5 Ways UT Science is Fighting Back on Microplastics

September 19, 2019 • by Esther Robards-Forbes
Jace Tunnell holds a plastic nurdle between thumb and forefinger

Jace Tunnell holds a nurdle found on a Texas beach. Photo courtesy of Jace Tunnell.

On a clear day on the beach in Port Aransas, Jace Tunnell noticed clear and multi-colored pellets collecting on the sand at the high tide line. On closer inspection, he discovered the pellets were tiny, round bits of plastic. And there looked to be millions of them.

"I knew exactly what they were when I saw them," said Tunnell, the director of the Mission-Aransas National Estuarine Research Reserve at the University of Texas Marine Science Institute in Port Aransas.

These bits of plastic, called nurdles, are the base material that most plastic items are manufactured from. Plastics makers ship nurdles all over the world, where they are melted down and molded into everything from toys to packaging. The nurdles that turn up on beaches like the ones in Port Aransas may have spilled during transport.

University of Texas scientists say there are at least five reasons you should care about these tiny plastics.

1. Microplastics, including nurdles, are a big problem that scientists aim to understand.

Nurdles are not just an eyesore on beaches. They are microplastics, meaning plastics less than 5 mm in size. Often, wildlife like sea turtles, fish and birds mistake nurdles and other microplastics for food and ingest them. Nurdles are also known to absorb toxins like DDT, an insecticide, that has been linked to problems in animals and humans alike.

Zhanfei Liu, an associate professor at MSI, studies the chemistry of oil spills, but he's turned his attention to nurdles to find out what other toxins they may be absorbing.

Plastic nurdles inside a sea shell

2. Microplastics may have a role in spreading toxins, and researchers are looking at what that is.

PBCs (polychlorinated biphenyls) and PAHs (polyaromatic hydrocarbons) are among the toxins harmful to people that Liu has detected in nurdles. The scientific case remains open as to whether toxins in nurdles get transferred to other living things that eat them. Still, the scientists are monitoring the problem.

"Plastic lasts a very long time in the environment," Liu said. "Our preliminary data shows higher concentrations of PCBs and PAHs in nurdles. It's concerning."

3. Citizen volunteers are helping scientists track the problem.

In response to the influx of nurdles, Tunnell started a citizen science project and Facebook group called Nurdle Patrol. Volunteers have helped to conduct nurdle surveys on beaches around the Gulf of Mexico. The page has 1,500 members and over 500 volunteers have posted pictures and submitted nurdle counts. The collected data is reported to state environmental agencies, like the Texas Commission on Environmental Quality, on a monthly basis.

"This is a tool for the regulatory agencies to do further investigations to see where nurdles are coming from," Tunnell said.

Nurdle Patrol is about to get an upgrade when NurdlePatrol.org launches this fall. Anyone in the world will be able to post nurdle data and see where nurdles are being found.

4. Researchers are on the hunt for plastic-eating microbes.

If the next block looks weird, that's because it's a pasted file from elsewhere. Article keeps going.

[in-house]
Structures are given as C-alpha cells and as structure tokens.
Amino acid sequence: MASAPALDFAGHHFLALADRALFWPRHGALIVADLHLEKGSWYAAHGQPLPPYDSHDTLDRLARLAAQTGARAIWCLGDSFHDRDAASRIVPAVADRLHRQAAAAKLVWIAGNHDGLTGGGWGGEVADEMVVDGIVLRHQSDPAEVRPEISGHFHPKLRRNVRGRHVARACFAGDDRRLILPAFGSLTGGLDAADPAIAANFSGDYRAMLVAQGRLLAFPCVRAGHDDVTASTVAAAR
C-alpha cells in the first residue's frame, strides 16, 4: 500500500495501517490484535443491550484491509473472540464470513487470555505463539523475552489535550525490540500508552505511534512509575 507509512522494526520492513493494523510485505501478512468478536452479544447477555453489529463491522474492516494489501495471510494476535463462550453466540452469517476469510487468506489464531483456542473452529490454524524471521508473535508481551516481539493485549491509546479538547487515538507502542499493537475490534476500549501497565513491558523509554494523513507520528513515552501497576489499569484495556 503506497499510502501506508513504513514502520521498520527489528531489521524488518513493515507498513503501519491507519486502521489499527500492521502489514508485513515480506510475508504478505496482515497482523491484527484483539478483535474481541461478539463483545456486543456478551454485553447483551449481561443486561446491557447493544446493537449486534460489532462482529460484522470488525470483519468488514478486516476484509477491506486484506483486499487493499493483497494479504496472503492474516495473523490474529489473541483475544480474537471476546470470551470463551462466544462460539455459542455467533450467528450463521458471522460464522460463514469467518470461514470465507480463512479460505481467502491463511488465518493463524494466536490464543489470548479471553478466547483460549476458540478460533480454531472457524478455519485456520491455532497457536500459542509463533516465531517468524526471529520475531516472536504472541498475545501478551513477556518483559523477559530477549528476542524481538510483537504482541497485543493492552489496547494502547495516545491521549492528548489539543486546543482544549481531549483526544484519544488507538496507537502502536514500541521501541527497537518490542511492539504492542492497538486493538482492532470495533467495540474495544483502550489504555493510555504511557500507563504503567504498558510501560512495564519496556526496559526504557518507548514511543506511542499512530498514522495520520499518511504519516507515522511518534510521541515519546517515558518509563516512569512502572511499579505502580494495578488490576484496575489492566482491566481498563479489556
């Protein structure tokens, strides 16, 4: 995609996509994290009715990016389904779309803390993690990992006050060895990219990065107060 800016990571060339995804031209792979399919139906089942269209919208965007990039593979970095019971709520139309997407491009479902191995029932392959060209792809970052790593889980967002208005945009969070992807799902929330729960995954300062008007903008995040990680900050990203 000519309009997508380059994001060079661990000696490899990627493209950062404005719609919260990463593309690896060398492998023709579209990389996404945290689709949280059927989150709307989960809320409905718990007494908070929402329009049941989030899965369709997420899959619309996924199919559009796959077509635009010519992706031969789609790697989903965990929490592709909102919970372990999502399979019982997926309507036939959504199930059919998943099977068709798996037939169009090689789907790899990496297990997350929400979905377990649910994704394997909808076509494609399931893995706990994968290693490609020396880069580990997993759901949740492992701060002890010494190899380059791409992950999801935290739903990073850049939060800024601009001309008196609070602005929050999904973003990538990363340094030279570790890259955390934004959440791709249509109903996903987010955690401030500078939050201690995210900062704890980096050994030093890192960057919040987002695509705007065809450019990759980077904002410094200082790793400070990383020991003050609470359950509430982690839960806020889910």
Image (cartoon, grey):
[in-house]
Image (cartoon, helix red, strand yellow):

Back on the main UT Austin campus, in a lab where a machine swishes beakers filled with liquid and bits of plastic, assistant professor of practice Moriah Sandy and her team of undergraduate researchers are hunting for bacteria and fungi that eat plastic. As part of the Bioprospecting stream of the Freshman Research Initiative, the team was used to looking for fungal endophytes, which are microbes that live in plant tissue, searching for medicinal properties. More recently, the students went to sites contaminated with microplastics and collected samples.

Sandy and her team wanted to find microbes that would eat polystyrene and polypropylene, two of the most common types of pollutant plastic. (Nurdles can be made of these or of polyethylene or polyvinyl chloride.) The team was able to get polypropylene plastic from campus recycling bins, along with sheets of polystyrene, and shred them. They added their microbe samples and watched to see if any of the plastic degraded.

"We've found bacteria and fungi growing on polystyrene, polypropylene and polyethylene," Sandy said. "That's very promising. We have the bacteria characterized and sequenced. Right now, we are focused on understanding the microbial chemistry behind plastic degradation. We know something is happening to the plastic, but we want some insight into the enzymatic mechanisms that the microbes are using."

5. Existing microbes could get a plastic-fighting boost.

Hannah Cole, a graduate student in microbiology and in the lab of faculty member Andy Ellington, is also working to understand enzymes that break down plastic. She studies a bacterium that grows on PET (polyethylene terephthalate) plastic, which is a clear, flexible plastic commonly used in consumer packaging.

"We're trying to mutate the enzyme to see if we can increase degradation of the plastic and increase stability," Cole said. "It's efficient at room temperature, but for industrial applications, it needs to work at higher temperatures.

When polymers are heated the degradation, process can proceed more efficiently."

Sandy and Cole are hoping to discover a process that will break plastics down into chemical components that are either harmless to the environment, or potentially useful in other chemical processes.

"Plastic is a huge problem," Sandy said. "But I think there are real solutions here."


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